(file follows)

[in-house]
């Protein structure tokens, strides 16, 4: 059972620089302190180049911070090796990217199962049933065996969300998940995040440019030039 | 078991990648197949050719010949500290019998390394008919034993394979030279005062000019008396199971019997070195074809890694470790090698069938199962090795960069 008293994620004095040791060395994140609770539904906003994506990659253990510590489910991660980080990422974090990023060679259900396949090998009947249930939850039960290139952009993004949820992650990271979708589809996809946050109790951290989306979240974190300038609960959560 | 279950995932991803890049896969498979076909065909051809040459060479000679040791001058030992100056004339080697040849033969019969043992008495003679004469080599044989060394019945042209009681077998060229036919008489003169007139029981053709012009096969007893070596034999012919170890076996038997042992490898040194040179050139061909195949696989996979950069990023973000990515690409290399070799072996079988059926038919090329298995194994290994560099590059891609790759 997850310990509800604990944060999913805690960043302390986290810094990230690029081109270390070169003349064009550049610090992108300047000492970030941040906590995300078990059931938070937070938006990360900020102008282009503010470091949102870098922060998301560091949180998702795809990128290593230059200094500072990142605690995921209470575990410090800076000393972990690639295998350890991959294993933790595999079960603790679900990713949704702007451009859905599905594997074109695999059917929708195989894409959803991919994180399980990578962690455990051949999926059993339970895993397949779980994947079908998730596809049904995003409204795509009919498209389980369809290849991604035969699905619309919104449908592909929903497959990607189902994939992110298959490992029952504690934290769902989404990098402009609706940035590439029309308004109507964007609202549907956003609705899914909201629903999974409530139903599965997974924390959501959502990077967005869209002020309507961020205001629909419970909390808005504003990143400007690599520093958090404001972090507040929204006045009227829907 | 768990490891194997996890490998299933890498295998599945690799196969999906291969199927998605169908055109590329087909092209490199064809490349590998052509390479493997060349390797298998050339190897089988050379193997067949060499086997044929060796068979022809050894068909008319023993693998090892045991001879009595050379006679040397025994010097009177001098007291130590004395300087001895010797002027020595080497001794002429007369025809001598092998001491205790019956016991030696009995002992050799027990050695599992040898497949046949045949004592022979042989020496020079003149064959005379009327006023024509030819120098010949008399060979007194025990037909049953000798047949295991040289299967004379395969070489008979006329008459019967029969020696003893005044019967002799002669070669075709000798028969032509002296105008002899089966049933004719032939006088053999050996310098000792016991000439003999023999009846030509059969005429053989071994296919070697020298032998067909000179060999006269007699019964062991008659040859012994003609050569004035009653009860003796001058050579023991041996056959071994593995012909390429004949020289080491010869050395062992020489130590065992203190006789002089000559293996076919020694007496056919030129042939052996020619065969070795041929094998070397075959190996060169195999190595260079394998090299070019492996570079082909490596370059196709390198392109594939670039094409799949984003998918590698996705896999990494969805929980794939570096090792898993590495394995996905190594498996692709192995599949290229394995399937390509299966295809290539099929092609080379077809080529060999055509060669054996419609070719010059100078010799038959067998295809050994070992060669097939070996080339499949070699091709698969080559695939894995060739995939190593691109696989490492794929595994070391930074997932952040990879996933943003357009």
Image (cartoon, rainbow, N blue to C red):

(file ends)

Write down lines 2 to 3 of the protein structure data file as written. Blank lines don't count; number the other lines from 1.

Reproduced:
């Protein structure tokens, strides 16, 4: 059972620089302190180049911070090796990217199962049933065996969300998940995040440019030039 | 078991990648197949050719010949500290019998390394008919034993394979030279005062000019008396199971019997070195074809890694470790090698069938199962090795960069 008293994620004095040791060395994140609770539904906003994506990659253990510590489910991660980080990422974090990023060679259900396949090998009947249930939850039960290139952009993004949820992650990271979708589809996809946050109790951290989306979240974190300038609960959560 | 279950995932991803890049896969498979076909065909051809040459060479000679040791001058030992100056004339080697040849033969019969043992008495003679004469080599044989060394019945042209009681077998060229036919008489003169007139029981053709012009096969007893070596034999012919170890076996038997042992490898040194040179050139061909195949696989996979950069990023973000990515690409290399070799072996079988059926038919090329298995194994290994560099590059891609790759 997850310990509800604990944060999913805690960043302390986290810094990230690029081109270390070169003349064009550049610090992108300047000492970030941040906590995300078990059931938070937070938006990360900020102008282009503010470091949102870098922060998301560091949180998702795809990128290593230059200094500072990142605690995921209470575990410090800076000393972990690639295998350890991959294993933790595999079960603790679900990713949704702007451009859905599905594997074109695999059917929708195989894409959803991919994180399980990578962690455990051949999926059993339970895993397949779980994947079908998730596809049904995003409204795509009919498209389980369809290849991604035969699905619309919104449908592909929903497959990607189902994939992110298959490992029952504690934290769902989404990098402009609706940035590439029309308004109507964007609202549907956003609705899914909201629903999974409530139903599965997974924390959501959502990077967005869209002020309507961020205001629909419970909390808005504003990143400007690599520093958090404001972090507040929204006045009227829907 | 768990490891194997996890490998299933890498295998599945690799196969999906291969199927998605169908055109590329087909092209490199064809490349590998052509390479493997060349390797298998050339190897089988050379193997067949060499086997044929060796068979022809050894068909008319023993693998090892045991001879009595050379006679040397025994010097009177001098007291130590004395300087001895010797002027020595080497001794002429007369025809001598092998001491205790019956016991030696009995002992050799027990050695599992040898497949046949045949004592022979042989020496020079003149064959005379009327006023024509030819120098010949008399060979007194025990037909049953000798047949295991040289299967004379395969070489008979006329008459019967029969020696003893005044019967002799002669070669075709000798028969032509002296105008002899089966049933004719032939006088053999050996310098000792016991000439003999023999009846030509059969005429053989071994296919070697020298032998067909000179060999006269007699019964062991008659040859012994003609050569004035009653009860003796001058050579023991041996056959071994593995012909390429004949020289080491010869050395062992020489130590065992203190006789002089000559293996076919020694007496056919030129042939052996020619065969070795041929094998070397075959190996060169195999190595260079394998090299070019492996570079082909490596370059196709390198392109594939670039094409799949984003998918590698996705896999990494969805929980794939570096090792898993590495394995996905190594498996692709192995599949290229394995399937390509299966295809290539099929092609080379077809080529060999055509060669054996419609070719010059100078010799038959067998295809050994070992060669097939070996080339499949070699091709698969080559695939894995060739995939190593691109696989490492794929595994070391930074997932952040990879996933943003357009």
Image (cartoon, rainbow, N blue to C red):